Students training to become pharmacists at universities in Wales will benefit from extra time spent on clinical placement during their degrees.
The new plans, developed between Health Education and Improvement Wales (HEIW) and the schools of pharmacy at Cardiff and Swansea universities, will see every pharmacy undergraduate given extra days of supervised placements in hospitals, GP practices, and community pharmacies across their four-year undergraduate programme.
The development has been agreed by Welsh Government’s Health Minister Eluned Morgan, and aims to ensure all pharmacists in the future will have the training and skills needed to take on new clinical roles as medicines experts.
From the next academic year, Welsh schools of pharmacy will be able to access funding to support this educational supervision. Additional funding will be aligned to the medical tariff for training student doctors and dentists in the NHS. Funding will also be available to help meet the costs of students’ travel and accommodation when on placements that will be provided in every health board in Wales.
The additional investment, which will rise to over £2.7 million per year by April 2025 and will ensure universities in Wales can meet new standards for initial education and training of pharmacists set by the General Pharmaceutical Council last year. Importantly it means newly registered pharmacists will have the skills and expertise they need to meet patients’ and the NHS’s needs in the future, including the ability to prescribe medicines from the start of their career. Pharmacists that are able to prescribe, increases services and the care patients can receive in their local community.
Chief Pharmaceutical Officer Andrew Evans said:
“Pharmacists are experts in medicines, and they are playing an increasingly important role in the delivery of NHS services in our hospitals, community pharmacies and GP practices. Wales is at the forefront of creating new and exciting opportunities for pharmacists to use their clinical skills. These changes will help us achieve our aspirations for the profession and make a real difference for patients.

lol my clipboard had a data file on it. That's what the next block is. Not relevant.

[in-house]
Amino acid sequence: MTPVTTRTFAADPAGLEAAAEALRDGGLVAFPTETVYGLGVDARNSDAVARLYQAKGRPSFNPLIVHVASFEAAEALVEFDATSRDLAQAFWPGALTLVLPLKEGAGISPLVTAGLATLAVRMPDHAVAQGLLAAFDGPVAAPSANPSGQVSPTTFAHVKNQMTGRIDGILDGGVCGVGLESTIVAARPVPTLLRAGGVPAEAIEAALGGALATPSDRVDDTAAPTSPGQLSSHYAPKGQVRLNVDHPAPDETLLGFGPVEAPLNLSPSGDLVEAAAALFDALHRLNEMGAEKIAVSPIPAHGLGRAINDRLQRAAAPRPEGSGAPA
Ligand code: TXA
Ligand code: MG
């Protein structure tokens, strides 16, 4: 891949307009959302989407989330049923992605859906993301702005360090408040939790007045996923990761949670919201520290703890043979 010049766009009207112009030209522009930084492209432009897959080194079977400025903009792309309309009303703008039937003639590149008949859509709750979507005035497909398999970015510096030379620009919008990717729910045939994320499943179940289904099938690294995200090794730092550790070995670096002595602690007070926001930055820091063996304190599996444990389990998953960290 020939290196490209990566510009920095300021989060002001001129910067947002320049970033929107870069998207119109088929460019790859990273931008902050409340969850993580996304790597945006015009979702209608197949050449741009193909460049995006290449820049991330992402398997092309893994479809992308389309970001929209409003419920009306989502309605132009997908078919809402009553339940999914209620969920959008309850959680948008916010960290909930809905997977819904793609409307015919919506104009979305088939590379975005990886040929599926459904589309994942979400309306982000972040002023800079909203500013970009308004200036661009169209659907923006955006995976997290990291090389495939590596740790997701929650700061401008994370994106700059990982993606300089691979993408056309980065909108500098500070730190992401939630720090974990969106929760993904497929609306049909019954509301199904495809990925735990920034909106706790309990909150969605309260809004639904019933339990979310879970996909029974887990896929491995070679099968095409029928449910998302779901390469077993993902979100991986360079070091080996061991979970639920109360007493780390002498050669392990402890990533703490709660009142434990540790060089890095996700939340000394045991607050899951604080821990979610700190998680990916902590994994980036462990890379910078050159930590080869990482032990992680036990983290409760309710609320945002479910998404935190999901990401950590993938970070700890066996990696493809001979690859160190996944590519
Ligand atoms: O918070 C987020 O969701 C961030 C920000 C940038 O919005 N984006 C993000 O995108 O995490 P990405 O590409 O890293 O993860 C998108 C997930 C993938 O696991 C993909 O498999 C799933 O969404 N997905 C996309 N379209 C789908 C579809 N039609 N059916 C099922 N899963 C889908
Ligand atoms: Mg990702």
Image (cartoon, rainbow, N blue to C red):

“These changes will compliment NHS Wales’ profession-leading pharmacist foundation programme and make the undergraduate programmes offered by the schools of pharmacy at Cardiff and Swansea universities, even more attractive to potential students.
This investment reinforces Wales is a great place to train, work and live for pharmacy professionals.”
Welcoming the decision, Professor Pushpinder Mangat, Executive Medical Director at Health Education and Improvement Wales, said:
“This key decision by the Minister to support our plans is great news for current and future pharmacy students in Wales. Increasing the number and quality of clinical placements will ensure we meet the reformed initial education and training standards for pharmacists and that we produce pharmacists with enhanced clinical skills and the ability to independently prescribe medicines after five years of training rather than the minimum of eight years it takes currently.
Historically pharmacy courses have been viewed as science rather than health degrees meaning they do not attract additional funding for clinical placements. These changes bring the training of pharmacists in line with doctors, nurses and other healthcare professionals.”
Further information regarding Pharmacy pre-registration and post registration education and training for the whole pharmacy workforce in Wales, can be found here;